Let's do this a bit differently this month. Instead of separating my books by type, I'm going to list them in order from least favorite to the best of the bunch.
6. I Think I Love You, Allison Pearson (audio): Confession, I only listened to about an hour of this book. Honestly, it is not the sort of book I would normally pick up, but it had come with stellar reviews and I had really enjoyed a Fresh Air interview with the author. Less than 30 minutes in I realized that I couldn't relate to anything at all in the book. The world of a 'typical' teen girl deep in a crush on a pop star is not one I ever inhabited - or wanted to inhabit. The main character was therefor more alien to me than actual aliens in science fictions books.
5. Swamplandia!, Karen Russell (eBook): Hmm, what to say, what to say.... OK, this is Russell's first novel and it was basically an expansion of a story from her brilliant short story collection, St Lucy's Home For Girls Raised By Wolves. It was not my favorite story (St. Lucy's was....it's phenomenal.) but I do love Russell's writing style...and I can honestly say that I loved the first half of the book. For me it disintegrated after that for two big reasons. First, I saw one of the major plot points coming from a mile away and it annoyed me. Second, there was little to no resolution in the end as it wrapped up in a very quick manner which contradicted the slow, leisurely pace of the rest of the book. It was ultimately a huge disappointment.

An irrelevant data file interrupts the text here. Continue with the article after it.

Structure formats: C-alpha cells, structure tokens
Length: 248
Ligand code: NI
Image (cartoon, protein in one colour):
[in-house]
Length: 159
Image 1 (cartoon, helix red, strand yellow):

4. Little Bee, A Novel, Chris Cleaver (audio): The bad news is that this end also disappointed me, leaving more questions than answers. The good news is that the rest of the book made up for it. The characters alone are so unique that they make the ride more than worthwhile. Besides, I am fully willing to admit that my own preference for nicely wrapped up endings flies in the face of a broad literary tradition of making people imagine their own ever afters.
3. American Rose: A Nation Laid Bare: The Life And Times Of Gypsy Rose Lee, Karen Abbott (eBook), It was fun to learn more about such a colorful character. Abbott's back and forth storytelling style was a bit disjointed sometimes, and occasionally I had to work harder than I would have liked to figure out what she was saying (A case of style taking precedence over substance when it should have been the other way around). All in all, though, an enjoyable book....and definitely worth reading in print form because of the incredible photos!
2. The Invisible Bridge, Julie Orringer (audio): Thoroughly satisfying. If I had one wee complaint it would be that the main character seems possessed by incredibly good luck which gets him both in and out of situations in a slightly incredulous way. Having said that, I adored the characters and was swept up in a WWII story that was both familiar and unfamiliar. I couldn't put it down...and wound up staying up way too late more than once to find out what would happen next.
1. Blackout and All Clear, Connie Willis (audio for both): I practically turned cartwheels when I discovered that my library had acquired the audio versions of all of Willis's books. She's a brilliant writer, and I love her time travel books. Fortunately I managed to check out both of these books - which are really parts one and two of a bigger story - at the same time so that I could listen to them back to back. I fully recognize that 42 hours of audio is a daunting task, but my oh my am I glad it worked out that way! England in the Blitz, Dickensian names/characters, beautifully researched detail, stories of ordinary people in extraordinary times, and a thrilling plot....I laughed AND cried my way through both books, and was sorry when they actually came to an end because it meant I had to say good bye for now. In all honesty, these were the best books I've read in a very long time.